Kinsen

Noodles, served in style

Kinsen is the newest place to grab dinner and a drink in Uptown. It’s steps from the Lagoon movie theater; it’s Thai; it’s terrifically stylish, all glossy sand-colored surfaces, mirrors, flattering lighting, and first-date framing; and it’s one of those restaurants where your first impression (So stylish! But rather expensive….) is  exactly what you retain upon deeper immersion. I liked everything I had at Kinsen—light calamari, chubby spring rolls, a brisk and lemony tom yum soup, fresh and light pad Thai—but nothing was so flavorful that it peeked it’s head up from the plateaus of “good enough” to see greatness. And, at just good enough, the prices for noodles (most $10 to $14) begin to seem high. Well, high-ish: not so high that you’d notice if the food was great, but high enough that for food this plain, you want to pay less. The good wine list also feels overly expensive, full of a lot of well known, albeit excellent, local budget-stars like Boomtown Pinot Gris, offered by the glass at $9, which is nearly the same price you would pay for a bottle.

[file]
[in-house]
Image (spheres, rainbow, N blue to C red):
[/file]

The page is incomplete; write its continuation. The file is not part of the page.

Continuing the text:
Kinsen is the sister restaurant to downtown Minneapolis’s Kindee, which always struck me as a success mainly because it’s stylish and the cheapest restaurant within steps of the Guthrie Theater. But Kinsen has gone into a very different universe, the galaxy of Uptown’s hyper-competitive restaurants (Chiang Mai Thai, Chino Latino) and very cheap bars (if you can’t find them, I doubt I can help you, but maybe start at Williams Peanut Bar? Yes, it’s still there). Will anyone care when it’s 20-degrees below zero, you crave food that’s steps from the theater, and you want to look great eating it? Perhaps. But even the most jaded critic would do well to remember that looking good in Uptown isn’t such a bad business plan. Kinsen Noodles & Bar, 1300 Lagoon Ave., Mpls., 612-367-4595, kinsennoodles.com
 

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